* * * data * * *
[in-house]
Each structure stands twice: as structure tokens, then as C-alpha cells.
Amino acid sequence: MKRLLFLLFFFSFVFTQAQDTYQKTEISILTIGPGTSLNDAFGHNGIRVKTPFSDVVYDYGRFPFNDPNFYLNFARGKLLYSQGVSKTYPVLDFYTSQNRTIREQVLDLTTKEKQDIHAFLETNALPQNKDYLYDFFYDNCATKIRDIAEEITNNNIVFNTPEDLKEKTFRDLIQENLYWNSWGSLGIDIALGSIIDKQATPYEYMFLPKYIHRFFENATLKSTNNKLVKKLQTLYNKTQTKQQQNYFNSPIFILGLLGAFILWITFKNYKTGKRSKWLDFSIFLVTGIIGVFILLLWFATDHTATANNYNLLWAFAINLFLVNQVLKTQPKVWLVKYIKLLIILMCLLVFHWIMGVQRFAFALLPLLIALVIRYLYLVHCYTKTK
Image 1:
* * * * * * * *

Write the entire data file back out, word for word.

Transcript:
[in-house]
Each structure stands twice: as structure tokens, then as C-alpha cells.
Amino acid sequence: MKRLLFLLFFFSFVFTQAQDTYQKTEISILTIGPGTSLNDAFGHNGIRVKTPFSDVVYDYGRFPFNDPNFYLNFARGKLLYSQGVSKTYPVLDFYTSQNRTIREQVLDLTTKEKQDIHAFLETNALPQNKDYLYDFFYDNCATKIRDIAEEITNNNIVFNTPEDLKEKTFRDLIQENLYWNSWGSLGIDIALGSIIDKQATPYEYMFLPKYIHRFFENATLKSTNNKLVKKLQTLYNKTQTKQQQNYFNSPIFILGLLGAFILWITFKNYKTGKRSKWLDFSIFLVTGIIGVFILLLWFATDHTATANNYNLLWAFAINLFLVNQVLKTQPKVWLVKYIKLLIILMCLLVFHWIMGVQRFAFALLPLLIALVIRYLYLVHCYTKTK
Image 1: